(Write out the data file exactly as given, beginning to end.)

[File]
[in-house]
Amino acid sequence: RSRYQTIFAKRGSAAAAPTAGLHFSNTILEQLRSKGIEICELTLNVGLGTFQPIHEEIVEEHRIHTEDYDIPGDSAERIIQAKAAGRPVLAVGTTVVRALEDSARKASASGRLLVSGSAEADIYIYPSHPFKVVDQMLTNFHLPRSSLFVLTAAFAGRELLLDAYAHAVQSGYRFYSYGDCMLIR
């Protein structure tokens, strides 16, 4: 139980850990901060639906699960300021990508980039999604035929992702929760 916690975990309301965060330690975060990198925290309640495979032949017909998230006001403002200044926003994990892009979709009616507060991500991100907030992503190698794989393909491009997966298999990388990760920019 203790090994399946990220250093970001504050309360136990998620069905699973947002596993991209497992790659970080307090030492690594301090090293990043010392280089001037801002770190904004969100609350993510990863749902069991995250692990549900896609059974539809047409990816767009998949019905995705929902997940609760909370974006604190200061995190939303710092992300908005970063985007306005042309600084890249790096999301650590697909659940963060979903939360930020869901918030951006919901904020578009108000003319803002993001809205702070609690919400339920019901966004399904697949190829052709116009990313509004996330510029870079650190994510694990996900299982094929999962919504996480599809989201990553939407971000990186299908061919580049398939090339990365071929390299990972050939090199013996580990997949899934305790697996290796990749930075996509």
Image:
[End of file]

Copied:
[in-house]
Amino acid sequence: RSRYQTIFAKRGSAAAAPTAGLHFSNTILEQLRSKGIEICELTLNVGLGTFQPIHEEIVEEHRIHTEDYDIPGDSAERIIQAKAAGRPVLAVGTTVVRALEDSARKASASGRLLVSGSAEADIYIYPSHPFKVVDQMLTNFHLPRSSLFVLTAAFAGRELLLDAYAHAVQSGYRFYSYGDCMLIR
């Protein structure tokens, strides 16, 4: 139980850990901060639906699960300021990508980039999604035929992702929760 916690975990309301965060330690975060990198925290309640495979032949017909998230006001403002200044926003994990892009979709009616507060991500991100907030992503190698794989393909491009997966298999990388990760920019 203790090994399946990220250093970001504050309360136990998620069905699973947002596993991209497992790659970080307090030492690594301090090293990043010392280089001037801002770190904004969100609350993510990863749902069991995250692990549900896609059974539809047409990816767009998949019905995705929902997940609760909370974006604190200061995190939303710092992300908005970063985007306005042309600084890249790096999301650590697909659940963060979903939360930020869901918030951006919901904020578009108000003319803002993001809205702070609690919400339920019901966004399904697949190829052709116009990313509004996330510029870079650190994510694990996900299982094929999962919504996480599809989201990553939407971000990186299908061919580049398939090339990365071929390299990972050939090199013996580990997949899934305790697996290796990749930075996509």
Image: